Keeping our families and children safe is our number one priority, whether it’s ensuring that we socialize with the right people, driving the safest car, or purchasing items that we know will serve our family for years to come. Product defects and recalls come into play when choosing the best and safest items for our families, and we want to be sure we avoid any products on a recall list. Manufacturers work hard to correct any malfunctions before the defect affects the masses. Sometimes, however, an injury occurs or a child dies and lives are changed forever.
One can subscribe to recall lists published by the Consumer Product Safety Commission (CPSC) where news alerts are distributed on a daily basis regarding items that are recalled and pulled from the shelves. Some are more common and others are not, but the CPSC is true in its mission and duty to warn the public of possible issues with the recalled items. Some of the recent recalls that have been published include appliance recalls, toy recalls and clothing recalls, to name few. Although extended information can be found on the CPSC website, here is an abbreviated list of some of our recent findings:
- Highchairs by BabyHomeUSA: The child could slip through the opening and become strangled.
- Strollers by iCandyWorld: An unfastened child could slip through the opening and become strangled.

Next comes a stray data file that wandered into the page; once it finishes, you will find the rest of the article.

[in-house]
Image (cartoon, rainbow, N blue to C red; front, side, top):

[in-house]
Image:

- Strollers by Bugaboo Chameleon3: The handles could become loose or detached and cause injury.
- Purr-fection stuffed animals with flashlights: There is a possible laceration hazard due to protruding wires.
- Egg shaker toy instruments: The egg could become detached and small parts could be ingested by small children, posing a choking hazard.
- Dropside cribs by Domusindo Perdana: The sides of the crib could cause possible strangulation and suffocation.
Legally, items that are recalled cannot be put back on the shelves until the product is reconstructed or cleared for redistribution. In the case of the Nap Nanny infant recliner recall, however, the manufacturer refused to take the item off the shelves, even after five infants died and many others were injured due to defects in the design. The company was forced out of business, and some lawsuits in this case are still pending.
If your child has been injured or died as a result of a product defect, or from an item you purchased that was later recalled, there is a long road ahead in the challenges of settling with a product manufacturer. Enlisting the support of an attorney in New York who specializes in recalled items and product defects will make the process easier for you and your family.
Keeping our families safe is paramount, and no one wants to be a victim of an injury caused by a product defect. Staying abreast of recalls and products that could cause potential harm is one step closer to a better future for all.